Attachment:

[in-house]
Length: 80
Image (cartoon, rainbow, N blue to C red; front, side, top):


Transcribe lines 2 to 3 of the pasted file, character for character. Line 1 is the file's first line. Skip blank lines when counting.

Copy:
Length: 80
Image (cartoon, rainbow, N blue to C red; front, side, top):